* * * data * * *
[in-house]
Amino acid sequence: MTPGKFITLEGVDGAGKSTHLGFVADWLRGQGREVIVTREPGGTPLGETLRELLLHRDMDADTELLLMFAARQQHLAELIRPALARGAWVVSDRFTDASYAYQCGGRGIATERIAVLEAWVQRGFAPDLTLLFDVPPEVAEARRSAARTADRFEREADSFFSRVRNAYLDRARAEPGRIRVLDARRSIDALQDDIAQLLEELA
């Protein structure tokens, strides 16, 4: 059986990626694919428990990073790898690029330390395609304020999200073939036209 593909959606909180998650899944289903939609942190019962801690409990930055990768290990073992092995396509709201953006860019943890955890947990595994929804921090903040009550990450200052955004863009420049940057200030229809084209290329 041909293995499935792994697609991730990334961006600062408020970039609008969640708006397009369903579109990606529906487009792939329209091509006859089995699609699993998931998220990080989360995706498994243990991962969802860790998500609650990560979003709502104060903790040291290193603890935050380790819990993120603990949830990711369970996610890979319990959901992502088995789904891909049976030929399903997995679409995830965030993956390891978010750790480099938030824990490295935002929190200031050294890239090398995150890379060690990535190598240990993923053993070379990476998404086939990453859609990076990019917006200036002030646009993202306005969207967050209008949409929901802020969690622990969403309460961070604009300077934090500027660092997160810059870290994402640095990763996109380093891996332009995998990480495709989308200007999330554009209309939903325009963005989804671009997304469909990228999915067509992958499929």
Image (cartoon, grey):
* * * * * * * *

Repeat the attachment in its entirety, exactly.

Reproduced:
[in-house]
Amino acid sequence: MTPGKFITLEGVDGAGKSTHLGFVADWLRGQGREVIVTREPGGTPLGETLRELLLHRDMDADTELLLMFAARQQHLAELIRPALARGAWVVSDRFTDASYAYQCGGRGIATERIAVLEAWVQRGFAPDLTLLFDVPPEVAEARRSAARTADRFEREADSFFSRVRNAYLDRARAEPGRIRVLDARRSIDALQDDIAQLLEELA
């Protein structure tokens, strides 16, 4: 059986990626694919428990990073790898690029330390395609304020999200073939036209 593909959606909180998650899944289903939609942190019962801690409990930055990768290990073992092995396509709201953006860019943890955890947990595994929804921090903040009550990450200052955004863009420049940057200030229809084209290329 041909293995499935792994697609991730990334961006600062408020970039609008969640708006397009369903579109990606529906487009792939329209091509006859089995699609699993998931998220990080989360995706498994243990991962969802860790998500609650990560979003709502104060903790040291290193603890935050380790819990993120603990949830990711369970996610890979319990959901992502088995789904891909049976030929399903997995679409995830965030993956390891978010750790480099938030824990490295935002929190200031050294890239090398995150890379060690990535190598240990993923053993070379990476998404086939990453859609990076990019917006200036002030646009993202306005969207967050209008949409929901802020969690622990969403309460961070604009300077934090500027660092997160810059870290994402640095990763996109380093891996332009995998990480495709989308200007999330554009209309939903325009963005989804671009997304469909990228999915067509992958499929």
Image (cartoon, grey):